Saturday, 6 August 2011

The Lupercalia from Rome to Central Asia

From the blog: DOROTHY KING'S PHDIVA (follow this blog on a regular basis, it's a must for lots of reasons; it's funny, witty, razor sharp etc)

The Lupercalia from Rome to Central Asia
Saturday, August 6, 2011

The Lupercalia in Rome today may or may not be ancient statue (I think it is based on the Medieval evidence HERE).
We know that there were a number of ancient sculptures showing the She-Wolf nursing Romulus and Remus - the one in the Forum, the one struck by lightning on the Capitoline according to Cicero ...

We know that there was also a Lupercalia in the Circus Maximus, and that one was erected in the Hippodrome at Constantinople where it was re-founded as the New Rome ... and that this was where the Lupercalia Festival was held (see HERE: the AD 360-380 mosaic at Gerona to the left, signed by Cecilianus).

The Lupercalia, celebrate in February, was last recorded in Rome in a letter written by pope Gelasius at the end of the 5th century AD attacking it. It may have continued to be celebrated even longer, with Romans seeing no contradiction between Christianity and celebrating Romulus as the founder of Rome. The festival may have continued to be celebrated for even longer in Constantinople, as a way of honouring Constantine. It was not seen as particularly pagan, but rather as part of Rome's history - and the Byzantine Emperors saw themselves as the Emperors of Rome, not as Greeks.

This mosaic from a fourth century AD villa at Isurium Brigantum in northern England shows how late, and how far from Rome, such images continued to be made (SOURCE).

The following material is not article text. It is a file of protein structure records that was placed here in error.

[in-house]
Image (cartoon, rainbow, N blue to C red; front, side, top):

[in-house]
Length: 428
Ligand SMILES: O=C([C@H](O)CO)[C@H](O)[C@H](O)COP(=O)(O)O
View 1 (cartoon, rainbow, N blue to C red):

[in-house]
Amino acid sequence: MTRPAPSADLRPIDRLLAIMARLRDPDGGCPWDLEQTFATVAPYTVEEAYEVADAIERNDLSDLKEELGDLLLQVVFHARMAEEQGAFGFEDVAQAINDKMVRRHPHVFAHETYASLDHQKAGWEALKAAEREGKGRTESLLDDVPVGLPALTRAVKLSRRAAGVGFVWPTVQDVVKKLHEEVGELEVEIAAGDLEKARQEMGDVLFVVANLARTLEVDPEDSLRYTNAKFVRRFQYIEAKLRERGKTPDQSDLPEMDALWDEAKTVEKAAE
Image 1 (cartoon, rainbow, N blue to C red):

A Late Antique opus sectile panel from Bovillae (Latium) survives: it has lost the inserted stones, but the outline shows that the Lupa was nursing Romulus (and maybe a missing Remus).

This is an early depiction, said to be from the 5th century BC carved at Felsineza.

This relief in Rome (SOURCE) is Trajanic but probably depicts the Temple of Venus and Roma built by Augustus (later re-built by Hadrian) - the wolf is shown suckling the twins in the pediment.

When Augustus became emperor, Aeneas and Venus along with Mars and Romulus became his own personal ancestors and those of the Julio-Claudians - so it's not surprising that they were reepresented on the Ara Pacis Augusti. (I love this attempt to re-create the original colours ...).

And on the Ara Casali in the Vatican ... another kind 'blah' Roman image of the twins (it gets much better ...).

On the Trajanic Ostia Altar (Palazzo Massimo).

Although the Republican and Imperial Roman coins showing the Lupercalia are well know, they continued after the fall of the empire. These coins are part of a series issued by Theodoric and the Ostrogoths (SOURCE). The coins were issued at Rome, possibly when Theodoric visited in AD 500 and the Lupercalia was celebrated.

More surprising is this gold bracteate in the British Museum from Frisia found at Undley in Suffolk (SOURCE). The Franks, for example Charlemagne, saw themselves as heir to the Roman Empire, so the depiction of the Lupercalia may not be surprising.

A whole series of 5th and 6th century bracteates were found in Central Asia, for example those from Temple II at Pendjikent in Sogdiana now in the Hermitage (see HERE), and ones that have regularly been found along the Silk Road (PHOTO).

Perhaps the most surprising example is a 6th / 7th century painting of Romulus and Remus suckling from the wolf in Room I at Kala-i Kahkaha or Qal'a-i Qahqaha I, Ustrushana (north-east of Samarkand -SOURCE - see for more examples).

Wall paintings from the 7th / 8th century were found in Shahristan (Bundzhikat / Panjikant), Ustrushana, another Sogdian site in Tajikistan illustrating not just the Lupercalia but more of the Romulus myth and some tales from Aesop (they're not on the Museum of Tajikistan's web site, but it's worth a LOOK). Several western accounts confuse Shahristan / Qal'a-i Qahqaha / Pendjikent but there are two separate Sogdian palace with a she-wolf suckling twins in wall paintings.

The myth even entered the Chinese sources (JSTOR) and a longer article about the Romulus myth in Central Asia JSTOR.

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